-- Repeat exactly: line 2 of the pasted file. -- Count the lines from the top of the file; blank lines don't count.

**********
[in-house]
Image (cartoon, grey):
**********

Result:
Image (cartoon, grey):